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Friday, 22 September, 2000, 13:15 GMT 14:15 UK
Thai PM gets on his bike
Thai commuters are being urged to use public transport
Thailand's Prime Minister Chuan Leekpai took to two wheels on Friday as Bangkok joined more than 800 cities around the world to mark international car-free day.

The move gave something of a mixed message however when rush hour traffic was brought to a grinding halt as police closed a number of roads along the prime minister's one-kilometre route to Government House.

Chuan Leekpai
The Thai PM has been criticised for political gesturing
Mr Chuan said he was opting for a change of transport to join international protests against rising fuel prices and demonstrate to Thai people the need to conserve energy.

He later abandoned the bicycle in favour of his official limousine to carry out official functions.

Mr Chuan has suggested that if the day is successful it could be repeated once a week as a way of putting pressure on oil-producing countries to reduce prices.

"I'm confident that if many countries co-operate to save energy it could put pressure on Opec," he told reporters.

'Western idea'

Car-free reality: Despite appearences officials say that this was better than normal
Other government ministers joined the prime minister in briefly renouncing their cars, although former deputy premier Virabongsa Ramangkura said he would drive to work as usual as the car-free day was a Western idea.

"Why do we have to follow them?" he asked the English-language Bangkok Post.

Newly-elected Bangkok Governor Samak Sundaravej also said he planned to drive his car to work as usual.

"I don't want to criticise it. But I don't think that I should take a bus to attend the many events scheduled," he told the Nation newspaper.

'Image building'

Some ministers took Bangkok's new "Skytrain" to work
Other politicians attacked the prime minister's move as little more than a gesture to win support for his embattled government.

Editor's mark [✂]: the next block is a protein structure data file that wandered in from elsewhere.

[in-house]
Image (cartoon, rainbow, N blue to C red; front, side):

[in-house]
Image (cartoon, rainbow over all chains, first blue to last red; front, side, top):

"This is image-building," Senator Somkiat Sornlam told the paper.

"The government tries to portray that it is attempting to tackle the oil price problem but in reality, it only wants to get by for another day."

Nonetheless Savit Bhodivihok, the minister responsible for national energy issues, said the campaign had successfully increased traffic flow in the notoriously overcrowded streets of the Thai capital.

"There was very good co-operation from the public," he told the news agency AFP.

"The average car speed increased 15 % and pollution was down 15-20 %," he said.

Bangkok has more than 1.3 million cars registered in the city and the number is growing fast.

The opening last year of the city's elevated railway - popularly known as the Skytrain - has had some impact on the city's traffic levels, but campaigners say much of Bangkok still lacks any form of efficient public transport.

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See also:

22 Sep 00 | Europe
EU's day for car-free cities
30 May 00 | Asia-Pacific
Bangkok's 'Lady Buses' on road
20 Jan 00 | Asia-Pacific
Thai surfers dodge traffic jams
05 Dec 99 | Asia-Pacific
Skytrain to clear the Bangkok air
12 Sep 00 | Asia-Pacific
Thai drivers face platform shoe ban
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